So, at 6am, when my husband woke me and said: “Good news, no fires yet today,” I was relieved. Not yet. Not today. It is good news.
It’s a staggering statement, and it’s no less staggering now that the President seems to have reversed course. On Friday afternoon, Gov. Gavin Newsom released a statement that President Donald Trump had approved California’s request, only one day after the administration initially rejected it.
“Perspective for reconsideration?” The craven fickleness here appears to be just the latest crass power play by a callow President and administration that make clear they are willing to politicize even disaster relief.
Newsom’s language is the language of a governor appealing to a President on behalf of a suffering state and a damaged region. It’s the language of a local politician asking for help from a federal government which should supposedly stand ready to provide aid to citizens facing duress from natural or man-made disasters. This kind of request historically has had little to do with any kind of partisan politics: Whatever our deep disagreements as a country, we have attempted to behave, in the face of disasters, with our eye to the common good. Despite our deep disagreements, there has been some grace in this. We do not hold hostage the lives of citizens struck by disaster. Or we did not used to.
I am glad for my fellow Californians that the President approved the declaration. That it was ever a question remains a travesty.
And in an era when it feels hard to find new rage or new grief, here is a new sad level of deep fracture. Here is a new loss to any idea of sharing citizenship and civic space. There is so little we seem to agree on as a country any more: Whether to have a post office, whether to wear masks, whether Covid-19 is really that dangerous. We seem to be willing to disagree deeply about these things before even talking about whether we need health care, a social safety net, programs for environmental, economic and cultural repair. Our proliferating arguments, and the ensuing stagnancies they foster, are by now legion. But this would-be abandonment of an entire state is a different, shameful low. It is the loss of yet another norm, or common island. It is not surprising: This administration does not actually seem able to think in terms of common life or public good.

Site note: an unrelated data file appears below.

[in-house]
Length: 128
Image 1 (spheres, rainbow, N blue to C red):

I don’t know about you, but someday I want to live in a country again — a country which has a robust public sector that takes pride in caring for its citizens, nurturing its lands, helping its small communities and its cities, supporting its farms and its arts, in fostering peace and bringing people into community. I would be happy to live in a country where we deeply disagree but also care for and respect one another. Right now, I live in a state where suffering Americans have become pawns instead of citizens. Right now, I live in a scorched state, at the caprice of a scorched-earth politician who seems to delight in sowing chaos and discord.
It’s not a tremendous surprise that so many voters in California do not see eye to eye with President Trump. We know that the temperature is rising. We see our forests are drying out. We are living through harrowing times and we are in constant danger. We are already being ravaged by climate change, and we need leaders who can plan real strategies for resilience. We need to plan for climate migration. We need to rebuild economies and tend to ecosystems and invest in green technology and foster community resilience and begin to sink carbon into the soil. But instead, our health and the livelihood of one of the world’s largest economies waits at the whims of someone who delights in being spiteful. Even now the wind is blowing, hot and dangerous.